Politics of San Francisco

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Politics of San Francisco

Post  kosovohp on Fri Oct 08, 2010 4:07 am

San Francisco—officially known as the City and County of San Francisco—is a consolidated city-county, a status it has held since 1856.[125] It is the only such consolidation in California.[11] The mayor is also the county executive, and the county Board of Supervisors acts as the city council. Under the city charter, the government of San Francisco is constituted of two co-equal branches. The executive branch is headed by the mayor and includes other citywide elected and appointed officials as well as the civil service. The 11-member Board of Supervisors, the legislative branch, is headed by a president and is responsible for passing laws and budgets, though San Franciscans also make use of direct ballot initiatives to pass legislation.
San Francisco City Hall

The members of the Board of Supervisors are elected as representatives of specific districts within the city.[126] Upon the death or resignation of mayor, the President of the Board of Supervisors assumes that office, as did Dianne Feinstein after the assassination of George Moscone in 1978.

Because of its unique city-county status, local government exercises jurisdiction over property that would otherwise be located outside of its corporation limit. San Francisco International Airport, though located in San Mateo County, is owned and operated by the City and County of San Francisco. San Francisco also has a county jail complex located in San Mateo County, in an unincoporated area adjacent to San Bruno. San Francisco was also granted a perpetual leasehold over the Hetch Hetchy Valley and watershed in Yosemite National Park by the Raker Act in 1913.[11]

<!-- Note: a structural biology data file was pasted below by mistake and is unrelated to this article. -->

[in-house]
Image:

The municipal budget for fiscal year 2007–2008 was just over $6 billion.[127]

San Francisco serves as the regional hub for many arms of the federal bureaucracy, including the U.S. Court of Appeals, the Federal Reserve Bank, and the U.S. Mint. Until decommissioning in the early 1990s, the city had major military installations at the Presidio, Treasure Island, and Hunters Point—a legacy still reflected in the annual celebration of Fleet Week. The State of California uses San Francisco as the home of the state supreme court and other state agencies. Foreign governments maintain more than seventy consulates in San Francisco.[128]
[edit] Demographics
Population by year[129][130]

The estimated population of San Francisco in the year 2009 was 815,358, according to the U.S. Census Bureau.[9] Separately, the California Department of Finance estimated the population at 856,095, as of January 1, 2010.[131] With over 17,000 people per square mile, San Francisco is the second-most densely populated major American city (among cities greater than 200,000 population).[13] San Francisco is the traditional focal point of the San Francisco Bay Area and forms part of the San Francisco-Oakland-Fremont Metropolitan Statistical Area and the greater San Jose-San Francisco-Oakland Combined Statistical Area (CSA) whose population is over seven million, making it the fifth largest in the United States as of the 2000 Census.[132]

Like many larger U.S. cities, San Francisco is a minority-majority city, as non-Hispanic whites comprise less than half of the population. The 2006–2008 American Community Survey estimated that 45.1% of the population was made up of non-Hispanic whites.[133] Asians of any nationality make up 31.3% of the population with those of Chinese birth or descent constituting the largest single ethnic group in San Francisco at about one-fifth of the population. Hispanics of any race make up 14.0% of the population. San Francisco's African American population has declined in recent decades, from 13.4% in 1970 to 7.3%.[133] The current percentage of African Americans in San Francisco is similar to that of the state of California;[133] conversely, the city's percentage of Hispanic residents is less than half of that of the state. Native San Franciscans form a relatively small percentage of the city's population: only 37.7% of its residents were born in California, while 25.2% were born in a different U.S. state. More than a third of city residents (35.6%) were born outside the United States.

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